What Is Ashtanga Yoga?
The Ashtanga system is designed to promote proper functioning of the digestive system, build strength, and restore range of motion to the body. The method of practice taught in Ashtanga Yoga relies on linking postures with deep, even breathing and steady gazing with the eyes. The system of linking the breath with movement is known as vinyasa. The gazing point helps to facilitate a state of meditation, having a profound effect on the steadiness of the mind.
The Sanskrit word Ashtanga translates as Eight-Limbs, referring to the eight limbs of yoga as outlined by Patanjali in the Yoga Sutras.
The Eight Limbs of Yoga
Yamas are a set of moral principles outlining how we interact with the world around us.
Niyamas refer to personal disciplines or duties directed toward ourselves.
The Asana is the physical component of practice or yoga postures.
Pranayama is the practice of regulating the breath.
Pratyahara translates as “withdrawal of the senses” and can be practiced by withdrawing our attention from ordinary distractions.
In Dharana we consciously focus our attention on an object. With time, a benefit of practice is the ability to concentrate on just one thing for a period of time.
Dhyana is when one become completely absorbed in the focus of meditation.
In Samadhi, we succeed in becoming one with our object of meditation in an experience of joy and harmony
The Six Series of Ashtanga Yoga
There are six series in Ashtanga Yoga and each are learned in a progressive manner. All practitioners begin with the Primary Series. The Primary Series (Yoga Chikitsa) is the most important series as it forms the basis of the entire system. After the primary series is mastered, practitioners may advance to more difficult series over a period of years or decades.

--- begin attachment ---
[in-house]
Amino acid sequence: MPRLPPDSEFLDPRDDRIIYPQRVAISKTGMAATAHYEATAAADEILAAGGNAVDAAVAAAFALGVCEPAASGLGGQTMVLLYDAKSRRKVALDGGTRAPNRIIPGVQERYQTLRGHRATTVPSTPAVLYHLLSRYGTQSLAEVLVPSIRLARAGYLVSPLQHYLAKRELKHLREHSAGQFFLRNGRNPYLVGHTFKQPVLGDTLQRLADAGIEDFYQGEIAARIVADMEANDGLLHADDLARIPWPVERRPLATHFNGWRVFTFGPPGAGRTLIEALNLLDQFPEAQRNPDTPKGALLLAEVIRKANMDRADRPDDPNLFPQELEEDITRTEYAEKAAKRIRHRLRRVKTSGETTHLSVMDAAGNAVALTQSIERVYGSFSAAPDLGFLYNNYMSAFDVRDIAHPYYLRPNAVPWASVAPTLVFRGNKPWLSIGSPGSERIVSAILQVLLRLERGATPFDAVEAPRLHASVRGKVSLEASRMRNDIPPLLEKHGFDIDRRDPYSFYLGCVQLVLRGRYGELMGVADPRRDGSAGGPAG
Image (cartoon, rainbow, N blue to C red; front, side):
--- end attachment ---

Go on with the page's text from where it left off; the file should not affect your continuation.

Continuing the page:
The goal of this style is not to learn the more difficult asanas but rather to learn to maintain internal focus throughout the practice by using long deep even breathing, dristhi (gazing point) and bandhas (energy locks).
Practicing Ashtanga Yoga at Birmingham Yoga
Ashtanga Yoga is traditionally practiced in two forms: Mysore and Led Class. At Birmingham Yoga we run a multitude of different classes. Check them out below.
Mysore is the traditional method for practicing Ashtanga yoga. Students learn a series of postures working at their own pace with individual instruction from the teacher. In mysore-style practice everyone’s practice is unique and instruction is personalized.
All levels are welcome from new beginners to advanced practitioners. In the beginning, new students receive more attention. As you become more familiar with the practice, you are allowed more independence, getting adjustments and assistance only when needed.
Mysore is for everyone. If you have physical limitations or injuries, the instructor will work with you individually to come up with the variation of the sequence that works for you. Because everyone is working individually, you don’t have to worry about slowing down or speeding up to keep up or meet the needs of a group class.
Learn more about our Mysore-style classes HERE.
In Led Class the teacher guides the students through the sequence of postures and the students move together in sync with their breath. It is traditionally taught in Sanskrit with breath cues to guide you in and out of postures. The intention behind led class is to help students learn the traditional vinyasa count for the practice and allow synchronization of breath and movement.
You will be guided through the Primary Series in the traditional form. Students may choose to practice the entire series, stop at the halfway point (Navasana) or the last posture they practice in Mysore-style class. This class is for experienced students.
Learn more about our Full Primary classes HERE.
You will be guided through a modified version of the first half of the Primary Series. Variations will be offered. This class is suitable for those with some previous yoga experience.
Learn more about our Half Primary classes HERE.
This class focuses on Sun Salutations and Standing Fundamental postures. This class is suitable for those who are comfortable getting up and down off of the floor and may include gentle backbends, inversions and breathing exercises. Beginner friendly.
Learn more about our Ashtanga Fundamentals classes HERE.